Welcome to the UK Government Art Collection podcast series
A Meeting of Cultures12/02/2020 Duração: 32min
The fourth episode follows the journey of the Government Art Collection artworks from the moment of the attack in 2011 to their return to London for conservation and then back again to Tehran where they were re-installed in February 2019. It features discussions with Alejandra Echenique de Hopton (FCO); Rob Macaire, Her Majesty's Ambassador to Iran; and Andrew Parrat, Head of Collection Care (GAC).
A Meeting of Cultures12/02/2020 Duração: 27min
The third episode recounts the dramatic attack on the British Embassy in Tehran in 2011, when a number of works of art from the Government Collection were damaged. It features an interview with Sir Dominick Chilcott, Her Majesty’s Ambassador to Ankara and former British Ambassador to Tehran in 2011.
A Meeting of Cultures12/02/2020 Duração: 26min
This episode centres on the 19th century, covering the appointment of the first permanent British Ambassador to Tehran, Sir Gore Ouseley; the history of the British Embassy building in Tehran; the portraits of Fath Ali Shah, 2nd Qajar ruler (1772- 1834); and the European tour of Naser al Din Shah (1831-1896). It features a discussion with Dr Moya Carey, Curator of Islamic Collections at the Chester Beatty Library in Dublin, and Mark Bertram CBE RIBA, author of ‘Room for Diplomacy, Britain’s Diplomatic Buildings Overseas 1800-2000’.
A Meeting of Cultures12/02/2020 Duração: 28min
This episode focuses on the early modern period exploring the history of the Safavid dynasty (1501-1722); rituals and banquets at the court of Shah Abbas I (1571-1629); the architecture of Isfahan and English travellers to Isfahan. It features a discussion with Dr Sussan Babaie, Andrew W. Mellon Reader in the Arts of Iran and Islam, Courtauld Institute of Art, and Dr Jan Loop, Professor in Early Modern History at the University of Kent.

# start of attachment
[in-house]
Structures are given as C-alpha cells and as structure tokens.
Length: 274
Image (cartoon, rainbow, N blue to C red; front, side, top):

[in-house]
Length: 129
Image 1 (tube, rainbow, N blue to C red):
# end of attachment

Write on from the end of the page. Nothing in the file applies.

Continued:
Liliane Lijn07/05/2014 Duração: 30min
In an audio interview with Liliane Lijn, which took place in her north London studio in 2013, the leading international artist gives us an insight into her unique career. Lijn hung out with Surrealists and Beat poets in Paris in the 1960s where she applied Letraset to cylinders and cones and attached them to revolving turntables to create kinetic texts called Poem Machines. From these early beginnings Lijn has gone on to pursue the exploration of light and energy with scientific dedication. In the 1980s she worked on a number of gigantic, plumed and beaded kinetic sculptures that referenced the feminine. In the last couple of decades she has produced a new series of rotating cones known as koans, stemming from her interest in Zen Buddhism where a koan is a puzzle, or type of riddle used for meditation. Lijn’s whirring mainly off-white koans have a snaking neon line running through them in subtle contrast to the object’s opaque surface that mark elliptical planes on, in and through the sculpture itself. Lijn